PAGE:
Cosco Shipping Holdings, the Shanghai and Hong Kong listed containership and port unit of state conglomerate China Cosco Shipping Corp, reported a 47% increase in net profit to U$ 1.5 billion for 2020 amid a boom in freight markets during the second half.

 

Read more: JOC | Lloyd’s List

 

Maersk’s 4PL play could further rile forwarder partners

A new managed transportation services (MTS) product from Maersk targeting large shippers that oversee complex global supply chains could further increase tension with its forwarder customers as Maersk continues its push to become an end-to-end integrator.

NeoNav, which launched in late 2020 and has already reeled in three customers, is aimed at Fortune 500 companies that have struggled to connect demand, inventory, and in-transit cargo data sets. Martin Home, head of lead logistics at Maersk said that the product is a competitor to traditional fourth party logistics providers (4PL) or third-party logistics (3PL) with a 4PL offering. 4PL typically act as neutral service providers for shippers that sit atop all their systems, data and relationships with asset-based providers and outsourced logistics partners.

 

Read more: JOC

 

Lifecycle emissions take center stage at IMO

Regulators are under pressure to agree on how to measure the lifecycle emissions of shipping fuels, in an effort to ensure shipping’s decarbonization pursuit does not undermine similar efforts outside the sector. In separate submissions to the IMO, major economies and shipping nations are seeking guidelines for assessing the lifecycle greenhouse gas emissions of shipping fuels. One proposal is being made by Australia, Japan, Norway, South Korea and the International Chamber of Shipping. The other is sponsored by all 27 European Union member states and the European Commission. Both submissions recognize that the IMO cannot regulate any emissions outside of those caused by the ship, which are known as tank-to-wake or tank-to-propeller emissions. However, IMO guidelines are often adopted as the industry standard by technical experts who advise shipping companies on important decisions, like fuel use.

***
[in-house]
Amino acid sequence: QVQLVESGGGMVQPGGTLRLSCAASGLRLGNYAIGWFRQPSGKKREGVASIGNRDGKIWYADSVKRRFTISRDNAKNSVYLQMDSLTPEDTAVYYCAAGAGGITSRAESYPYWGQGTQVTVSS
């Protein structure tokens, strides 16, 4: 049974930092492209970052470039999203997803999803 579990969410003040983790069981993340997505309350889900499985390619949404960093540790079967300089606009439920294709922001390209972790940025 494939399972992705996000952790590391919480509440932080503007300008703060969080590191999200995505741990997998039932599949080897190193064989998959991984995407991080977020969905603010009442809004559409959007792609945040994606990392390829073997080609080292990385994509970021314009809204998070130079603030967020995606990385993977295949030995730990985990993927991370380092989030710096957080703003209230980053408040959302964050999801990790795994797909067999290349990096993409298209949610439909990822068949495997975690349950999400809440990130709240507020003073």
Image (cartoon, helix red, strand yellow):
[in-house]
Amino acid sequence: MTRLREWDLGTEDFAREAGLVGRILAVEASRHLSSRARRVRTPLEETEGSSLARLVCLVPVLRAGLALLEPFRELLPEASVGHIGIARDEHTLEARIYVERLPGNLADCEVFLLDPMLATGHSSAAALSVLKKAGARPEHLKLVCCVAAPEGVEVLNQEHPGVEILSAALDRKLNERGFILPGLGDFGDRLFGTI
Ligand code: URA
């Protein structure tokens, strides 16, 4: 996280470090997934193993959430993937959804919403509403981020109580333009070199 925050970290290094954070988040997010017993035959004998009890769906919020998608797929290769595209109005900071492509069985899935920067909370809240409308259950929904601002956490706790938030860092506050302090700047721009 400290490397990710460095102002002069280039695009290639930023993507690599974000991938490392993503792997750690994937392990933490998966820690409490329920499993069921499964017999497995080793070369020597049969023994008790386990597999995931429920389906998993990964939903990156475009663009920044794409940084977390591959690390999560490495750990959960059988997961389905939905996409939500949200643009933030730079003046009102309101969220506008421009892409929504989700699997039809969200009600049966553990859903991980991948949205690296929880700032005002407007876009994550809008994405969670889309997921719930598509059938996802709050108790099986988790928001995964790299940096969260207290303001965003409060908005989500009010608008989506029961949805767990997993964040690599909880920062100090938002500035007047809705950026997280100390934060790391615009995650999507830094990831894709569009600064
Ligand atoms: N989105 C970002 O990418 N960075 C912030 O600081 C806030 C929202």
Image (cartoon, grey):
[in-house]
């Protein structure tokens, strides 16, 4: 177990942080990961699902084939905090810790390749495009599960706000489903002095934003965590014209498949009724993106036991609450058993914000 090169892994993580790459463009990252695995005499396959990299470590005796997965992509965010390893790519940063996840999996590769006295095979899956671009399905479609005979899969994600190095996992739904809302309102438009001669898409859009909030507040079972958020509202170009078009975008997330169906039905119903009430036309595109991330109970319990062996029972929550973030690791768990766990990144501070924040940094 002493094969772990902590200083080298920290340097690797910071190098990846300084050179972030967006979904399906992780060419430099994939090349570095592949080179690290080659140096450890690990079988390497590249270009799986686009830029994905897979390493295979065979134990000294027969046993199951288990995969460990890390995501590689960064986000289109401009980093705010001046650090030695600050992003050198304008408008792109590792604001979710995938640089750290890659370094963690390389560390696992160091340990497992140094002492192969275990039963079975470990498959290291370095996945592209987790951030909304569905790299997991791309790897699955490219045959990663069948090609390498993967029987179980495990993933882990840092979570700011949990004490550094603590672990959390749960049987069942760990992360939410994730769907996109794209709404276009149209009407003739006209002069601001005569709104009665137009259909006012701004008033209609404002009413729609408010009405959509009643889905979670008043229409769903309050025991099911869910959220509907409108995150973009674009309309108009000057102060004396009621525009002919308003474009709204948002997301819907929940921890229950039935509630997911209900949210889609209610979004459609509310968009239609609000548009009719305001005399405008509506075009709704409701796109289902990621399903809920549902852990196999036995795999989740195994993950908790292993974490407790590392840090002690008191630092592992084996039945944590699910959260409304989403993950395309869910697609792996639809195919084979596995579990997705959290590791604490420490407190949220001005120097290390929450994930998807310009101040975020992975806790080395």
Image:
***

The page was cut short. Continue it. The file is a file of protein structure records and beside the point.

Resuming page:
Read more: Lloyd’s List

 

Green ammonia will be cost effective by 2050 – DNV

Green ammonia is gaining traction as a next generation fuel within the shipping community because it is deemed to be another cost-effective alternative in efforts to comply with tightening regulations over greenhouse gas, although a total of U$ 1.9 trillion needs to be invested by 2050. Data suggest the price of green ammonia could halve by 2050 to levels beating even those of marine gas oil. One factor likely to play a part is the lower cost of deriving hydrogen from electrolysis, drawing on renewable power, according to DNV.

MAN Energy Solutions said ammonia would have a 30% share of the maritime fuel market by2050 and will develop a dual-fuel, medium speed, four stroke engines to run on diesel and ammonia as part of an initiative with the German government. Man has already announced it would deliver ammonia-fueled two-stroke engines for bigger deep-sea ships, by 2024.

 

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Read more: Lloyd’s List1 | Lloyd’s List2 | MAN Energy solutions | Lloyd’s List2

 

CMA CGM close to ordering 12 dual-fuel neo-panamaxes and backs biomethane

CMA CGM is believed to be close to finalizing orders for 12 dual-fuel neo-panamax container ships. It is still weighing options for the size of the vessels that can be fueled by LNG, between 13,000 and 15,000 TEU – vessels of the smaller size being more flexible for port calls. Should the orders be finalized on schedule, delivery time is estimated for the second half of 2023.  

CMA CGM is also backing biomethane as part of its commitment to become a carbon-neutral company by 2050. It will be directly investing in the production of biomethane and offering customers the option to use biomethane.

 

Read more: Lloyd’s List1 | Lloyd’s List2

 

DCSA members getting on board with track-and-trace standard

Five of the nine container line members of the Digital Container Shipping Association (DCSA) say they have adopted, or soon will adopt, the association’s track-and-trace standards, a key step toward building visibility interoperability across ocean shipments.

The traction makes clear the need for ocean carriers to make it easier for shippers and forwarders to track containerized cargo across the range of service providers they use, no matter the visibility platform they choose.

Of DCSA’s nine members, CMA CGM, Evergreen, Mediterranean Shipping Co, Ocean Network Express and Yang Ming said they have already implemented the standards or soon will do so. Other members include HMM, Hapag-Lloyd, Maersk and Zim.

 

Read more: JOC